No, No, No! Wrong, wrong, wrong. Thou shalt not 'diss' thy food. The least I can do for these gals is show them some respect as they head towards my table - not as guests but as dinner itself.They are now nearly 20 weeks old and ready for the table. Their growth rate has been phenomenal; they were bred to put on weight quickly, economically and in the right places. They have done just that and are now plump in breast and thigh - they'll probably 'dress-out' at about 7 - 8lbs per bird. That's a lot of chicken.
Selective breeding brings its own problems of course - rapid weight gain has slowed them down almost to the point of discomfort. I'm not sure I'm 100% happy with this aspect of food production.
Like their overweight human counterparts they waddle inelegantly from bed to food - the sheer effort precluding much more than a sedentary existence now. They seem content enough, sitting in their strawed hut or, like yesterday, outside in the late afternoon sunshine. When I say good bye to them tomorrow I can be fairly confident that they have had good but brief lives; clean, well- fed and watered. I might add that these girls turned up their beaks at kitchen scraps - no junk food for them - only the finest 'fatteners' pellets would do.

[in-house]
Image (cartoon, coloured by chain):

Tomorrow then sees them despatched, plucked and drawn - the start of the journey to our table. I am just a little apprehensive for while I know they have had a good life I want to be sure they have a good death too. (If there can be such a thing.)
We'll be enjoying chicken for some time I think. We've had to buy a new deep freeze to store them in. Why do my money-saving schemes always end up costing money?